A cracking game, Sharp Practice 2 of course but a little different this time. Both sides were pretty trashy troop types as would be expected during the early part of this period but Neal and I were particularly impressed with the rules ability to show that with lots of low grade leaders (most were level one sergents) neither side could rally off shock or get many troops moving at once. Control was almost non existent which of course it should be in a situation like that and once units had been in contact with the enemy for even a short period of time they became almost impossible to control. These rules just get better and better. Great stuff and I hoe you enjoyed the write up as much as we enjoyed the game.

Monday 12 November 2018

'They shall not grow old' a BBC programme

A quick note here, please anyone who can, watch this programme: They shall not grow old

A BBC story of the men who fought in the first world war, produced by Peter Jackson who also made Lord of the Rings. The pictures have been cleaned up, coloured and brought to life, it is simply brilliant and so moving, couldn't recommend it more. This will stand as a landmark in the history of media I can assure you.


Sunday 11 November 2018

Revolutionary formations 1791-1807.

Robbie Rodiss popped up on here with a little bit of advice regarding flags on units of figures. Robbie like I'm sure many other wargamers cut a small bit of copper tube section and secured it into the hand of the standard bearer and was thereby able to swap various flags between units by sliding the flag staff into the tube to give a greater representation of battalions etc without having to paint up a full command base. Great idea and as my French revolutionary infantry could at a stretch represent units from 1791 to 1800 I thought I'd give it a go. Now I do realise that the coat tail of the infantry was a bit longer in the early part of the period and that they would have been less likely to have stripes on their trousers towards the 1800's but there is no way I was repainting whole units just for that kind of detail.
So with the flags painted up I thought it might be useful to post some pictures of the unit formations starting from 1791 through to 1800 with the correct flags slotted into the holders.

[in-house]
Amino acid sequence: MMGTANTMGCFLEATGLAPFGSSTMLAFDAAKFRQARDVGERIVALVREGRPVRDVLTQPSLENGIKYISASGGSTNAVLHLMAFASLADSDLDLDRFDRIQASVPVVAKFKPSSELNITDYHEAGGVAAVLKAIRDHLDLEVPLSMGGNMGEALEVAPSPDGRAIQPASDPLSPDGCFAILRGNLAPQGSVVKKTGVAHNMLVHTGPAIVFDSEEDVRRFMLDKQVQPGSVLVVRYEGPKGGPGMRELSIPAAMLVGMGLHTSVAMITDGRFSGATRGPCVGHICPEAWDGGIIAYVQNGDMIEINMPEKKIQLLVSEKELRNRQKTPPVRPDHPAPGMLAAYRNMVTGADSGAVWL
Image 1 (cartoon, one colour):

Below, the 2nd battalion Languedoc Rgt 1791 under the constitutional monarchy, I only have one battalion like this but will eventually purchase another as at this time two battalions made up a regiment. The tricorne hat still in use, this hat could still be seen for a couple of years after it was officially phased out but this can be said for most items of uniform, one of the joys of this period!

Below, the volunteer battalions raised during the 1791-93 period, the initial volunteers were pretty decent and performed well (if a little erratically) but when conscription was introduced many men either didn't turn up of deserted soon afterwards and therefore the quality was very poor. The figures below are ok for these troops but should really have more civilian clothing.

At the same time (1791-93) as the call for volunteers went out the regular infantry in their white uniforms and distinctive 'Tarleton' type head ware represented the backbone of the French army, still with two battalions to the regiment. It is a bit difficult to see the leading battalions flag as the figure has it over his shoulder.

Below the initial 1794 embrigadement demi (half) brigades formed by combining one regular white uniformed battalion with two of the 'volunteer' battalions, again this did not always take place and many 'volunteer battalions often did not get combined with others at all. Note that the regular (white) battalions flag had changed again.

Below, soon after the embrigadement came the Amalgame which mixed the companies from both volunteer and regular battalions together, this was particularly effective in reducing the risk of royalist counter revolution in the regular forces and stiffened the previously inexperienced volunteer units somewhat. As the regular white uniforms wore out (three years max) blue coats were issued.

Below, two light infantry battalions cir 1793-1800. Prior to this the green coat with crested helmet was in use and after 1800 the side plumed shako was introduced.

Below is a photograph of a 1796 demi brigade from the Italian theatre during Bonaparte's campaign both there and in Egypt in 1798.

Finally a battalion formed in column during 1804 with the newly introduced voltigures deployed in front. These figures will do to represent the units from 1804-07 though as I said earlier turn a blind eye to the prominence of stripes on trousers. Note I did not paint this flag, way to complicated!

So, a lot of flags painted but this does now allow a basic number of figures to reasonably accurately represent all of the combinations of troop organisations and uniforms from 1791 through to 1807.
I'm well on the way to finishing the light infantry in a similar vein, two bicorned blue trousered battalions done with one early green uniformed battalion still to paint up.
All of the above just dips it's toe into what is an extremely complex subject so for further reading I would not hesitate to recommend French Infantry Flags from 1786 to the end of the First Empire by Ludovic Letrun. Published by Histore & Collections. Here

Hope this was helpful,

Never forget 1918 - 2018.

We will remember them: